Unfortunately, I can’t sew worth a damn (or any kind of crafting, really. The only D I ever got in my life was in Home Economics). But I love this idea. That the language of worry transformed into something cool and lovely that can be thrown over the back of a chair or warm the toes on a cold Minnesota winter night. I like the idea of our worries being separate from us. I like the idea that the little knot of anxiety that lives in the gut or the head – all barbed wire and acid and expectations and knives – can transform into something else. A blanket. A doll. Fire in the hearth. A piece of art. A long, thick thread, knotted into a pair of socks. A string of beads fastened around the throat.

Transformations are powerful, after all. If a magician can turn a tin can into a flying dove or an empty hat into a fuzzy rodent – poof! – then really, it should be no trouble at all to transform anything into anything. Your worries could become a flying castle. Or chain-mail coat made entirely of paper clips. Or a dragon so small it could fit in your pocket. Or a post-it note golem. Or a bird made of stars.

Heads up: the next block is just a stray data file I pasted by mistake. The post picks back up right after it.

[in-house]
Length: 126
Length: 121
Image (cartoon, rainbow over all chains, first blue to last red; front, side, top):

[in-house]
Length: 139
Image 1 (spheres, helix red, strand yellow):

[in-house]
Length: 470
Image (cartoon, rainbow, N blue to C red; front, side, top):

When my daughter was little – around five – she struggled with some pretty serious anxiety. One of the parenting tricks the doctor told us was to teach her to have specific times when we talk about our worries. So, when she would start to fall apart, we would say, “I can see this is a really big worry. Let’s put our worries in our pocket for now and then we’ll talk about it at Worry Time.” It was work – you could see it on her face – but she could usually do it. Largely, it was an opportunity for us to teach her how to take her anxiety out of the driver’s seat of her life – to acknowledge it, but to not leave it in charge. At Worry Time, we’d snuggle up with her with a blanket and an ancient, horrible stuffed chick named Bubble, and she would list all the things that she was worried about. Bubble, as it turns out was a wonderful listener.

“It makes me feel better,” she used to say, “just knowing that Bubble knows.”